Old English brom, popular name for several types of shrubs common throughout Europe (used medicinally and for fuel) and characterized by long, slender branches and many yellow flowers, from Proto-Germanic *bræmaz "thorny bush" (source also of Dutch braam, German Brombeere "blackberry"), from PIE *bh(e)rem- "to project; a point."
As "twigs of broom tied together to a handle to make a tool for sweeping," mid-14c. Traditionally, both the flowers and sweeping with broom twigs were considered unlucky in May (Suffolk, Sussex, Wiltshire, etc.).
also broom-stick, "stick or handle of a broom," 1680s, from broom (n.) + stick (n.). Earlier was broom-staff (1610s). Broom-handle is from 1817. The witch's flying broomstick originally was one among many such objects (pitchfork, trough, bowl), but the broomstick became fixed as the popular tool of supernatural flight via engravings from a famous Lancashire witch trial of 1612. Broomstick marriage, in reference to an informal wedding ceremony in which the parties jump over a broomstick, is attested from 1774.
house or family which reigned in England from 1154 to 1485, the name apparently is literally "broom-plant" (French plante genêt), from Latin genista "broom plant."
"broom-shaped," by 1891, from Latin scopa "broom" (see scopa) + -arious. Late Latin scoparius was "a sweeper." An older English word in the same sense was scopiform (1794).
Middle English besme, from Old English besma "bundle of twigs" (used as a broom or a flail), from West Germanic *besman- (source also of Old Frisian besma "rod, birch," Old Saxon besmo, Old High German besmo "broom, besom," German Besen, Dutch bezem), which is of unknown origin, possibly from a non-IE substrate language.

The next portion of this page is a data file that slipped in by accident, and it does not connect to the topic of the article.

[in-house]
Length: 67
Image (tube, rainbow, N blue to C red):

shoe with soles of hemp-rope (originally worn in the Pyrenees), 1892, from French espadrille (17c.), from Provençal espardillo, from Latin spartum "Spanish broom, Spanish grass," a plant of Iberia and North Africa that produced a fiber used to make mats, nets, ropes, etc., from Greek sparton "rope made of spartos" ("Spanish broom"), from PIE *spr-to-, from root *sper- (2) "to turn, twist" (see Sparta). For initial e- see e-.
"low-ranking domestic servant who performs menial kitchen tasks," late 15c., sculioun, scwlioun, perhaps, with substitution of suffix, from Anglo-French sculier, a variant of Old French escuelier, from escouve "broom, twig," from Latin scopa (plural scopæ) "broom," related to scapus "shaft, stem" (see scape (n.2)). Or it might be an alteration of Old French souillon "scullion" (but this is not attested before 16c.), by influence of scullery. "The word is now generally associated in thought with scullery, which is, however, of different origin" [Century Dictionary].
We still say that a husband hangs out the broom when his wife goes from home for a short time; and on such occasions a broom besom has been exhibited as a signal that the house was freed from uxorial restraint, and where the master might be considered as a temporary bachelor. [Samuel Johnson and George Steevens, notes to "The Tempest," 1778]
tuft of hairs on a bee's leg, 1802, from Latin scopae (plural) "twigs, shoots; a broom, brush," which is related to scapus "shaft," which perhaps is cognate with Greek skapos "staff," skēptron "staff, scepter" (see scepter).